Grant keeps O.P. Earle after-school program alive

Published 12:28 pm Tuesday, July 27, 2010

A federal grant attained through the efforts of the Boys and Girls Club of the Upstate will keep a successful after-school program open at Landrums O.P. Earle Elementary School.

The $375,000 grant was one of 13 across the state received from 21st Century Community Learning Centers grants, which are authorized by the No Child Left Behind law. The $375,000 will be divided equally between O.P. Earle of Spartanburg District One and Pacolet Elementary of District Three, giving each school $187,500.

Boys and Girls Club of the Upstate President Greg Tolbert wrote the grant, which replaced the expiring grant District One officials previously had in place for the program.

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These grants usually have a non-profit organization that manages it, and in this case, its the Boys and Girls Club, said O.P. Earle Principal Nita High. Theyre going to provide some academic support as well as other opportunities.

Tolbert was out of town and could not be reached for comment.

Students are to receive supplemental academic instruction and tutoring in the four core subjects as well as mentoring. Recreational and arts activities will also be part of the program, according to Ann Greene, assistant superintendent for curriculum instruction and staff development for District One.

The after-school program will continue to be open until 6 p.m. each school day and be free to the families of O.P. Earle students.

When we knew the grant that I wrote last year was going to expire, we contacted the Boys and Girls Club, Greene said. We knew this was a wonderful program to accelerate students’ learning.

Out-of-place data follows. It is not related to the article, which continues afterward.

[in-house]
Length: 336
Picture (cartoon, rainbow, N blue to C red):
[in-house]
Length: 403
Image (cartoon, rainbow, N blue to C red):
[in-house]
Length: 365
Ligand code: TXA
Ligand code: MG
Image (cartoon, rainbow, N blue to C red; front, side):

She said she expects the program to mirror a successful after-school program the district has had ongoing at Inman Elementary with about an hour of classroom instruction and the other time filled with indoor and outdoor recreational activities and other programs designed to enrich character development.

The grant, which is scheduled to last for four years, provides funding for up to 125 students.

With funding for that many kids, I think we can service all those students who need it, said Greene.

Greene said some O.P. Earle parents have grown to depend on the after-school program because in many cases both parents work and during tough economic times find it difficult to budget for child care.

There has been considerable gnashing of teeth with some parents when we didnt know whether or not wed be able to offer this program, Greene said. A lot of the parents have depended on it and have liked it because theres no worry about after-school pick up, and they know their children are on campus in a safe, school setting.

The Boys and Girls Club will control the budget for the program. Greene said she expects most of the funds to go to salaries and stipends for the staff, while some moneys will be spent on supplies and other needs for the program.

High said she expects the program to be running by the middle of the first week of school, which begins Aug. 16.

I hope we have a lot of students take advantage of it, said High. Its a great opportunity for parents who now have to pay for childcare to get it for free during the school year.